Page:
Sundance Film Fellows Travel To Mescalero Apache Reservation
The Sundance Film Institute says four Native American filmmakers will be on the Mescalero Apache reservation in Southern New Mexico this week. The visit is the first stage of development for Native writers and directors hoping to release independent films in the coming years.
Every year, the Sundance Film Institute holds a national competition to identify indigenous filmmakers for a fellowship to develop projects. This year, out of about 50 applicants, four were selected to take part in the institute. The visit to Mescalero allows fellows to workshop their projects and focus on storytelling craft.
"Basically, in the history of film, there's a whole body of work that has Native images and Native stories in it, and all these films have been made pretty much without our participation at the creative level, in terms of writing and directing," said Bird Runningwater, director of the Sundance program. "So American cinema is incomplete without a contribution from the original peoples of this land."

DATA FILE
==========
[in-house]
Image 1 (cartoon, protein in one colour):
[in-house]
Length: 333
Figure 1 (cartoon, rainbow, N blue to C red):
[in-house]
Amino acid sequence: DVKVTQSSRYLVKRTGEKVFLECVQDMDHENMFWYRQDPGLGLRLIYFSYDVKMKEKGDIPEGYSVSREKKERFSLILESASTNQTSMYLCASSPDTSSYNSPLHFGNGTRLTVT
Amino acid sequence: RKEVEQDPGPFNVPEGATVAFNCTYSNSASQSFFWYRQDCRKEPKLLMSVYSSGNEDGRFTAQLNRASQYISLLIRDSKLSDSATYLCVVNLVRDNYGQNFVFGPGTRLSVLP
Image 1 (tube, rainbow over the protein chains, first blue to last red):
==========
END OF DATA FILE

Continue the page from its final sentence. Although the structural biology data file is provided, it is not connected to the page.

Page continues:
Runningwater said the Institute has produced a number of successful native films in previous years, including the documentary "Miss Navajo" by Navajo, Hopi and Laguna filmmaker Billy Luther, and the feature film "Boy" by Maori filmmaker Taika Waititi.